I Will Always Lie Down With My Kids When They Ask (Even If I Don't Always Want To)

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I Will Always Lie Down With My Kids When They Ask

Kristen Hewitt

“Mommy, will you lay with me?”

I looked at the clock and rolled my eyes. It was already 9:30 p.m., and it was the last thing I wanted to do. I was tired. I wanted to finish watching a show with my husband whom I’d barely seen all week. My head was throbbing, and I was over the kids after a long work and school week.

I looked back at her. “Why are you up? Do your meditation app, and I’ll come see you in a few minutes.”

“Please, Mama,” she begged. “You haven’t laid with me forever.”

I stared at her pleading eyes, dark circles, and pale face and realized she was probably feeling like I was. She was mentally and physically exhausted and overtired. And she was right, I hadn’t lain with her at night at all recently because she never asked. She’s 8 years old, closer to 9 now, and struggling this year at school. Her tantrums have been off the charts, so we’ve been using bedtime as a way to cool down and let her devour her beloved chapter books. Plus she likes her freedom at night — allowing her a bit of independence to do what she wants before bed.

I, of course, always lie with her little sister, still just 5 years old and super-cuddly as she’s learning to read each night. I sing her favorite songs as I once did to her older sister, and we pray.

But rarely do I read with our oldest anymore. We don’t have pillow talk because I simply thought she outgrew it. You know that time when you hear the real scoop about their lives — what she did at recess, what boy sat with her at lunch, singing “Happy Birthday” to the principal, her fears and struggles. But apparently, I was wrong, and she still needs that time. So I begrudgingly went to her room.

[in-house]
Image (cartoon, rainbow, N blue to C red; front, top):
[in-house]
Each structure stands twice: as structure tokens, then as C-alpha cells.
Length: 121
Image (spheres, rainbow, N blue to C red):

I crawled into her bed which can barely hold both of us now, and she curled right into me, holding me tight just like when she was a toddler. I smelled her new peppermint shampoo, replaced from her old baby wash. I soaked in her love and felt her relax, the tension from the day dissolving in our embrace.

We listened to her meditation app, and her breathing slowed. Her body grew heavier, and within minutes, she fell asleep.

As I stayed and held her for a few more minutes, I realized that in a couple years she probably won’t ask me to lie down with her anymore. She’s already stopped holding my hand when we cross the street. And she doesn’t run to me after school anymore with that big, happy grin, now aware of what her friends may think.

But on this night, this was all that mattered. These little moments aren’t just little things. They are the big things that remind and teach us what’s really important. Not the dishes, or email, or some irrelevant message on my phone or social media.

Just her. Just us. Just now. Because this is all we have.

Motherhood is a constant pull of our needs versus our children’s. Time for work or time for your spouse? Chores or playtime? Exercise or Netflix? It’s a never-ending struggle of how and where to spend our precious time and who deserves it more than us.

But on this night I gave it to her, which is exactly what I needed too.